The Future of LPWA IoT ?

I was browsing through LinkedIn this morning when I came upon a post asking a simple but very relevant question for anyone interested in the evolution of the Internet of Things:

NB-IoT or LoRa ?

Interesting question…

Personally I think LoRa and NB-IoT will coexist for a while. Mobile network operators (NB-IoT) in North-America are a lot more excited by 5G right now. Also, they just don’t have the agility to be successful in such an early-stage effervescent emerging market.

This is why smaller outfits such as X-TELIA will pave the way, exactly as in 1992-1995 when small Internet Service Providers (ISPs) created a new market thanks to disruptive technology. When it matured, carriers eventually got in the game and rolled up that market.

IoT is more complex than was dialup Internet. Every solution is a different set of HW/SW, and data is useless unless it’s actionable. Telcos will soon offer NB-IoT connectivity but will struggle to deploy custom solutions which is not part of their DNA.

One more thing. The 3GPP carrier ecosystem (NB-IoT) is heavily taxed by a multitude of patents which will make it very difficult to bring to market sensors and solutions able to compete on price with LoRa or SigFox equivalents. I am talking here about the Massive IoT market: A very large number of very inexpensive battery-operated sensors transmitting simple data for many years across long distances. According to Ericsson’s November 2016 mobility report (and half the tech analysts on the planet), Wide Area IoT will experience a 30% CAGR between now and 2022. I guess that’s how you get to 30-50 billion connected devices worldwide by 2025…

Now getting back to our question, personally I think there be coexistence, with NB-IoT solutions running on dedicated private carrier spectrum addressing more critical applications, and less critical LoRaWAN applications running on license-free ISM bands.

Let me give you two examples to illustrate this:

LoRaWAN: If you have hundreds of humidity sensors in a farmer’s field sending regular Water_Irrigationupdates, it’s really not the end of the world if there is a problem getting one sensor’s data through at a given moment because another sensor transmitted on the same frequency at the exact same time, creating interference. That’s a perfect application for LoRa, running on the public, free ISM band. Cheap. Powerful. Ideal for applications that are not critically time sensitive and where high value is derived by analyzing data from many sensors. Think of all the Smart City Applications for which LoRaWAN is a perfect fit.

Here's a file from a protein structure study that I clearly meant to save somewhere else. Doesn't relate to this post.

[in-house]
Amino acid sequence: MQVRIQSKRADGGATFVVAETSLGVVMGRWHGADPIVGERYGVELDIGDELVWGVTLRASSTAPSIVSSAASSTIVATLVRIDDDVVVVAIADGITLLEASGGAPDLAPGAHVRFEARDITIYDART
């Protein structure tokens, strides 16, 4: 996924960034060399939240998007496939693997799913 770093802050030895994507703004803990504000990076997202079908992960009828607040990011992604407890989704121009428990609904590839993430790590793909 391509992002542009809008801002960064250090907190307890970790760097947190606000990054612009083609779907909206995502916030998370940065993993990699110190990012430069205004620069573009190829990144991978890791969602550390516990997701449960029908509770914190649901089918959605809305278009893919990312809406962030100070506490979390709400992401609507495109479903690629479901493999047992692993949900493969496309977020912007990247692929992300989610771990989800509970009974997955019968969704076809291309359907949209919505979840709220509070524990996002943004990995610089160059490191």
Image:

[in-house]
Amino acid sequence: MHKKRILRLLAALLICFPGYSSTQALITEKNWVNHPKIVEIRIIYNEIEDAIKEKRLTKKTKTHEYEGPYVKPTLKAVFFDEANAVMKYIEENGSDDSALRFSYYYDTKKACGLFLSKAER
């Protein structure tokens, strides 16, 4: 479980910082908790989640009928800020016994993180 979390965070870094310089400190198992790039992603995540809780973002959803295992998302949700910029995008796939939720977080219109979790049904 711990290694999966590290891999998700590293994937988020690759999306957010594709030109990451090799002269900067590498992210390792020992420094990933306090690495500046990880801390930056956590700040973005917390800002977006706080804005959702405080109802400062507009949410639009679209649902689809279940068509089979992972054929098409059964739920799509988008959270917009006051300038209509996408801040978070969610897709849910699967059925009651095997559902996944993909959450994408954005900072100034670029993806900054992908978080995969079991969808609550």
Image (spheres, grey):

NB-IoT: Although today many portable credit payment machines operate on 3G/4G/LTE mobile-card-terminal-IWL251in many parts of the world, their operating cost would drop substantially if they were migrated to NB-IoT. Using 3G/4G/LTE to process such a small amount of data as a credit card transaction is like using a bazooka to swat a fly… Seriously. You can watch an HD movie on a tablet in your car zipping down the highway with that kind of bandwidth (assuming someone else is at the wheel…). Not only is it totally overkill from a bandwidth perspective, but the more bandwidth a wireless technology provides, the more energy it needs. Since every credit card transaction needs to happen in real time and is critically important, using the carrier’s private spectrum with NB-IoT is a perfect fit. In this case relatively high value is derived from the data of a every single transaction of every single single connected device. That’s an example of the Critical IoT market.

It looks like I am of the same opinion as many European mobile operators such as Orange and Bouygues Telecom who are currently deploying nation-wide LoRaWAN networks which will co-exist with their 3GPP wireless networks. I wouldn’t be surprised to see them eventually launch a private-spectrum-based NB-IoT offering alongside their new LoRaWAN networks as there will be a market for both, in perfect co-existence. We shall see…

All in all, a very exciting time to be in the IoT business !

Eric Bourbeau, B. Eng, MBA, Founder and CEO of X-TELIA Group.

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